Osgood-Schlatter disease is a condition that presents with pain below the kneecap often creating a bony lump. It commonly presents in active adolescents during puberty or growth spurts. While the pain may diminish as you age, a large bony lump may remain as a result of the condition. Inflammation at the tibial growth plate (tibial apophysis) created by repetitive contraction of the quadriceps muscle is believed to be the main cause of the condition. When the tendon that is attached to the tibia undergoes repetitive loads throughout a period of bone growth, inflammation and pain results.
Signs and symptoms:
– Local pain and swelling over the tibial tuberosity at the attachment of the patella tendon
– Pain usually occurs during and after exercise
– A bony lump may develop at the tibial tuberosity during later stages of the condition.
As adolescents grow, their bones progress through different development stages. With increased activity during one of these bony growth periods, disruption to the immature bone occurs. This will happen with activities including running, jumping, and fast changing of direction such as soccer, rugby, netball and basketball. Osgood-schlatters has historically been more common in adolescent boys, but is now also presenting with young active girls. The age of onset differs somewhat due to girls generally reaching puberty before boys, but typically presents from ages 10 to 14. It is also more common to occur in just one knee, with bilateral Osgood-Schlatter present in only 20% of cases.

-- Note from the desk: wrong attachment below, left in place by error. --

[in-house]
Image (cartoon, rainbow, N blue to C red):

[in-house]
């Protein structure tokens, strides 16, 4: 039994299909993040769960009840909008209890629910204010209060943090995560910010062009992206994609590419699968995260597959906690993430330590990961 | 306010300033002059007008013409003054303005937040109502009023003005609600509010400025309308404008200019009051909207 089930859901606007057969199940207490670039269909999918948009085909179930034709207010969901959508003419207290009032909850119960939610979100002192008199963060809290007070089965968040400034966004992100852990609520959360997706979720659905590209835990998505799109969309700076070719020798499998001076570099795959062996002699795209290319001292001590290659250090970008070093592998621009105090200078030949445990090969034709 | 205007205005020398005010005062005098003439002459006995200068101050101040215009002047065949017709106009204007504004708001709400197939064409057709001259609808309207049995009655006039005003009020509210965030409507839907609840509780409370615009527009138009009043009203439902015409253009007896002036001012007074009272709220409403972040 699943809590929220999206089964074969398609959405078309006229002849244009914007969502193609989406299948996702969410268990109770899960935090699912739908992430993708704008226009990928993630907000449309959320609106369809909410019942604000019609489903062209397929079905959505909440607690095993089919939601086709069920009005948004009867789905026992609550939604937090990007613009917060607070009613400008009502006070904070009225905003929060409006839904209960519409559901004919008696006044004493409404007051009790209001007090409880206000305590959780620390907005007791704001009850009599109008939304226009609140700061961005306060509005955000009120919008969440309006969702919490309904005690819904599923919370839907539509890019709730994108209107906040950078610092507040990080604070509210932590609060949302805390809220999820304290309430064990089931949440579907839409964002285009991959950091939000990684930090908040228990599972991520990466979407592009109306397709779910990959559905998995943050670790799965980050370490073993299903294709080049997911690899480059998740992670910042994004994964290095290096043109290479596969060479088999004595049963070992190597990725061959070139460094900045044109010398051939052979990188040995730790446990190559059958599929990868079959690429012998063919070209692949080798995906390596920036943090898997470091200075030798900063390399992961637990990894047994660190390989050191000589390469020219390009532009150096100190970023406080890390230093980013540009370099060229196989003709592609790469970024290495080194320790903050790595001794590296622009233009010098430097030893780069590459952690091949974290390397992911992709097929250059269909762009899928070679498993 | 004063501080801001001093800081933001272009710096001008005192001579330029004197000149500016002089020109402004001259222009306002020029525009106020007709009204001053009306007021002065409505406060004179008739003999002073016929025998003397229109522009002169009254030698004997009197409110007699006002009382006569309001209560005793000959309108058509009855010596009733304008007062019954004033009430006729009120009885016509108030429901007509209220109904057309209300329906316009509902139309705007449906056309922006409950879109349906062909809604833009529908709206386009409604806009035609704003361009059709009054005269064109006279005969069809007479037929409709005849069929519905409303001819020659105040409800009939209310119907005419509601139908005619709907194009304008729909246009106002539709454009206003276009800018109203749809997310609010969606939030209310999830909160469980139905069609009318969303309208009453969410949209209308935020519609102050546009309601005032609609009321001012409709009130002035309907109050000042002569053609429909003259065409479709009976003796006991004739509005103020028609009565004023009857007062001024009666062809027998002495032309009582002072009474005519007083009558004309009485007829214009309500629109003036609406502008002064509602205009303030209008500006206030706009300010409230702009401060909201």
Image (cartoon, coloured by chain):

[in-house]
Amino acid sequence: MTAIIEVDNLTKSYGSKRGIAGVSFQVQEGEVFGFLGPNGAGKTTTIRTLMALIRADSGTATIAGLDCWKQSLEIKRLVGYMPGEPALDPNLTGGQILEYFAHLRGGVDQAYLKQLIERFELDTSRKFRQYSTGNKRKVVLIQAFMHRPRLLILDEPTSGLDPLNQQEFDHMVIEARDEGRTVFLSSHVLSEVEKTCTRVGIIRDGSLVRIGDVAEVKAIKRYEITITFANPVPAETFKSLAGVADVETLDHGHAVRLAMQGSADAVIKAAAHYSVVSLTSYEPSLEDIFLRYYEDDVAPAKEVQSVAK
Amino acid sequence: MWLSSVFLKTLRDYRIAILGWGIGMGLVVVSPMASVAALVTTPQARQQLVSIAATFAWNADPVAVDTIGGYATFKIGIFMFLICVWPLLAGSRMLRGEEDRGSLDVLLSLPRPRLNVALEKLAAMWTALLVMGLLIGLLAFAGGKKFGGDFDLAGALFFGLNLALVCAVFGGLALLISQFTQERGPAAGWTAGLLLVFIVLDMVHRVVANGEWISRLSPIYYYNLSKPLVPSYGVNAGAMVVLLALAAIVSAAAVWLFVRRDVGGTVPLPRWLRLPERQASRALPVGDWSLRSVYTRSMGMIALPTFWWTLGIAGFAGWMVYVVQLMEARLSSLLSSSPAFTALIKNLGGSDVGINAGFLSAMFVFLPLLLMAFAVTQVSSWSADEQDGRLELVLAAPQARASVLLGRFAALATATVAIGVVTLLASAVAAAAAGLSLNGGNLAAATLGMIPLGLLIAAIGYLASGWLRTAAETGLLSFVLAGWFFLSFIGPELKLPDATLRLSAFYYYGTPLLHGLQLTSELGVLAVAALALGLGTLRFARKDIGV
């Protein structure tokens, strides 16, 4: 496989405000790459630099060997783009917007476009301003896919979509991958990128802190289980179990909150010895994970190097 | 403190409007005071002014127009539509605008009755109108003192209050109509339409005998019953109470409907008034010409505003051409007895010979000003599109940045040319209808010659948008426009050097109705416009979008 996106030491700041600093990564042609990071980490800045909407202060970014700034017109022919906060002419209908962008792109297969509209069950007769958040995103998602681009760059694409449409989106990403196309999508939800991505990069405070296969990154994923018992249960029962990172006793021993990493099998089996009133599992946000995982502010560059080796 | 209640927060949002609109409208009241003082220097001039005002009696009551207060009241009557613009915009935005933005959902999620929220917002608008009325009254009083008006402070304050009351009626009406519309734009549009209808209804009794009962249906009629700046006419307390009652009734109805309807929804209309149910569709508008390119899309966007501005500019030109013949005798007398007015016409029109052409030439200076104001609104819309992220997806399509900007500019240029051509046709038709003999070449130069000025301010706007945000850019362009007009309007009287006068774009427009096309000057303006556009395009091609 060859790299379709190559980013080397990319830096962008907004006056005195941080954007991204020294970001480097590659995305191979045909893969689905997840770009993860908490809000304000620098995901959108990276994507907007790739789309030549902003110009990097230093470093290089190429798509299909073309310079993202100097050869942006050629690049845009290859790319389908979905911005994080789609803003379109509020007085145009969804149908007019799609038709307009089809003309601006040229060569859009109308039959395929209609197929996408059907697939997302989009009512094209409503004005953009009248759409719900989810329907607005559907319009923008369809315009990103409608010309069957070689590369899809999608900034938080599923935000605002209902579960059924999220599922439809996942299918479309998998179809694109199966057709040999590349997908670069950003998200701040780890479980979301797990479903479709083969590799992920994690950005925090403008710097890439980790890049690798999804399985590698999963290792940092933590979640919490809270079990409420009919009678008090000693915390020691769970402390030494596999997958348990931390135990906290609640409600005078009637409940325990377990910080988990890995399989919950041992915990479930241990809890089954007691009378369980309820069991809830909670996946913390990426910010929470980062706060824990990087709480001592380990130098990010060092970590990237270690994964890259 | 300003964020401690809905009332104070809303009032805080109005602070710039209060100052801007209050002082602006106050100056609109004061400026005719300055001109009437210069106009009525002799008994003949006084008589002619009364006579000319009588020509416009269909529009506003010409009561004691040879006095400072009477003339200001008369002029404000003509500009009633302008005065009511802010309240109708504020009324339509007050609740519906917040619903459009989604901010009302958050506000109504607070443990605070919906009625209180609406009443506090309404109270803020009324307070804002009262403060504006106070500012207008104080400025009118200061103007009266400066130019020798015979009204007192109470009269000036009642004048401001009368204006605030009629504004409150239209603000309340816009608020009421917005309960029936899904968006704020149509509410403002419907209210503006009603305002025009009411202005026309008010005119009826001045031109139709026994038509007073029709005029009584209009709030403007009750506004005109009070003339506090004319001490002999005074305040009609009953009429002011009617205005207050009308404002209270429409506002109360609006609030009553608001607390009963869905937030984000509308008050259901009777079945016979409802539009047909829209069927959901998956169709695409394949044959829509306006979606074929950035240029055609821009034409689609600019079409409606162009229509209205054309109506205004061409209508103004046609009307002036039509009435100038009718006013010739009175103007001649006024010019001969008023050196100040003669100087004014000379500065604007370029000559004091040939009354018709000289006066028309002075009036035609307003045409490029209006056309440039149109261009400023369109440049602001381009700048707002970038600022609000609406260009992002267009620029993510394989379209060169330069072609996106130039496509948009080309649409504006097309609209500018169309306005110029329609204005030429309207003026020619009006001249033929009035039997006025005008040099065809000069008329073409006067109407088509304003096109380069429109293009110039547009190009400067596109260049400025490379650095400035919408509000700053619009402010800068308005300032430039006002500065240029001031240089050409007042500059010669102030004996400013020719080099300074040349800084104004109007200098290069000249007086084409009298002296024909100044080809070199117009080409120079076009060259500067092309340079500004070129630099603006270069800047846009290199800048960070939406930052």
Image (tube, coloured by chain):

There is no cure for Osgood-schlatter disease, as it generally resolves on its own once bony growth ends. In saying this there are several factors to consider which can provide relief to the sufferer. What will help?
– Ice after activity and during painful stages
– Specific stretching and strengthening program targeting the musculature surrounding the knee joint. During the pain free stages, the patient should regularly stretch the quads, hamstrings and calf muscles to reduce muscular tension around the joint complex
– Restriction of high impact activity during periods of growth spurts
– Some taping and knee braces can offer support and stability
– Foot and arch control with orthotics.
Osgood-Schlatters is a self-limiting condition. Complete recovery occurs once the growth plate has closed and bony development ends. In some cases there may be a permanent bony prominence as a result of the inflammatory condition. Although the symptoms of Osgood-Schlatter’s may be present for months, most cases are best treated holistically; surgery or cortisone injections are seldom necessary.
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